Republicans seeking their party’s 2016 presidential nomination have the challenging task of trying to stand out among the 17 candidates in the race, and Thursday’s televised debate was the first opportunity for the party to start whittling down its choices. So it’s no surprise that the candidates had a vested interest in puffing up their own records as governors, senators and public figures.
Some of the claims in the Cleveland debate and how they compare with the facts:
DONALD TRUMP: “If it weren’t for me, you wouldn’t even be talking about illegal immigration.”
THE FACTS: Republicans have been talking about immigration for years, including former President George W. Bush and the Republican field in the 2008 and 2012 presidential elections.
Trump also promoted his concept of a wall along the U.S.-Mexico border. Under Bush’s administration, hundreds of miles of fencing was built along the border. At the time, the administration ran into a variety of challenges to the fence, including private property owners who fought to keep the government from forcing them to sell property along the border. Bush also faced a variety of environmental challenges and was forced to build the fence off the border in some locations.
Republican debate about immigration has only intensified in the wake of President Barack Obama’s sweeping executive action shielding from deportation millions of immigrants in the U.S. illegally.
CHRIS CHRISTIE: “We brought the budget into balance with no tax increases.”
THE FACTS: Not exactly.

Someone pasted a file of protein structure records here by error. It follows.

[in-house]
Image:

As New Jersey’s governor, Christie in his first term cut the earned income tax credit, which largely benefits low-income workers, from 25 percent of the federal credit to 20 percent. He surprised Democrats this summer by proposing to bring it up to 30 percent. Democrats quickly approved the change.
Christie also repeatedly delayed implementing the Homestead credit program, which grants property tax relief, angering elderly and low-income homeowners, even as he capped property tax increases overall. He also extended the sales tax on online purchases to out-of-state retailers and pushed for higher taxes on e-cigarettes, but failed.
To be sure, Christie has vetoed a number of proposed tax increases, but his record is not free of raising taxes or their close cousin, fees.
JEB BUSH: “During my eight years in office, 1.3 million jobs were created, and we left the state better off.”
FACT CHECK: Yes, but by December 2009, 900,000 of those 1.3 million jobs had been eliminated.
During Bush’s tenure as Florida’s governor, the state benefited from a huge housing bubble that then burst just as he left the governor’s mansion. Florida was one of several “sun and sand” states where home prices soared during last decade’s housing mania even more than they did nationwide. Home prices jumped 160 percent in Florida from 1999 through 2006, more than double the national increase of 74 percent, according to real estate data provider Zillow.
That growth fueled a 50 percent jump in construction jobs, and the boost to home values made many Floridians feel wealthier, leading them to spend more. Home prices started to fall in 2006, Bush’s last year in the governor’s mansion.
MARCO RUBIO: “The largest retailer in the country, in the world today, doesn’t even own a single store.”
THE FACTS: Rubio said he was referring to Amazon, the online retailer. He was using the example to argue that the economy under Obama has undergone a radical transformation that the next president needs to address.
It’s true that Amazon is the largest online retailer, but it’s not the largest retailer in the U.S. or worldwide, according to the National Retail Federation. That distinction rests with Wal-Mart.
The National Retail Federation’s chart of the top 100 retailers lists Wal-Mart’s retail sales in the U.S. at $334 billion, compared to Amazon’s $44 billion. Wal-Mart’s global retail sales were listed at $474 billion, compared to Amazon’s $78 billion.